Review: The Men Who Would be King by Nicole Laporte
(Houghton Mifflin, £18.99)
In 1994, the first new major Hollywood studio in six decades opened its doors, with high ideals and a clear agenda. DreamWorks would not be like other studios -- it would produce films aimed at intelligent filmgoers rather than banal comedies or summer action movies. It also planned to become a major player in animation, music, television and video games.
With hindsight's wisdom, how quaintly naive that manifesto sounds today. Yet at the time, DreamWorks, now split up and diminished, seemed a credible venture. It was launched with $2.7bn in capital, including money from Microsoft's co-founders Bill Gates and Paul Allen, the costliest start-up in entertainment history.
What attracted such money? Mainly its three principals, all Hollywood legends. There was Steven Spielberg, music and film mogul David Geffen and Jeffrey Katzenberg, who as Disney's studio chairman had reinvigorated the animation division, supervising such hits as The Lion King. With such talent at the helm, what could possibly go wrong?
In her Almost Epic Tale of Moguls, Movies and a Company Called DreamWorks (the 500-page book's subtitle), Nicole Laporte, formerly a Variety staffer, clinically unpicks the failed promise of DreamWorks. None of the three men would be interviewed for the book; she pieced together the narrative from well-placed sources, many of them unnamed.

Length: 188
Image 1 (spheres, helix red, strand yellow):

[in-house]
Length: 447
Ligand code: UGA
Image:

Laporte proves that DreamWorks was always less than the sum of its parts. Spielberg, Geffen and Katzenberg were like rock stars who decided to form a supergroup while having no idea what music they would play.
As a result, DreamWorks made a hesitant start on all fronts. It would be three years before its first film was released -- and then it was The Peacemaker, a humdrum thriller starring Nicole Kidman and George Clooney. Unhelpfully, Spielberg had become obsessed with developing video games.
Geffen's initial foray was no better; his first signing to DreamWorks Records was George Michael, whose last hit album was Faith, released eight years before.
As for the workaholic Katzenberg, his idea for establishing DreamWorks Animation was to hire swathes of Disney's animators on lucrative contracts -- partly to wreak revenge on the studio that had denied him its top job. The Prince of Egypt, which was finally released in 1998, did not meet his high expectations.
The most intriguing figure here is Spielberg, well characterised by Laporte as "a complicated man wrapped in a patina of extreme likeability". She shows him preferring to remain the artiste, letting agents and lawyers do his dirty work, and putting his own interests above all others.
The DreamWorks troika offers examples of unbridled egotism, vengefulness and bad behaviour. And most of us know that in Hollywood there's a wide gap between inflated proclamations and cold reality.